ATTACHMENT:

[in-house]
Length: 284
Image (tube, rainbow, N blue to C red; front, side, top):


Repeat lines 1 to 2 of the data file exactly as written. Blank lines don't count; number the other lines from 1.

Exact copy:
[in-house]
Length: 284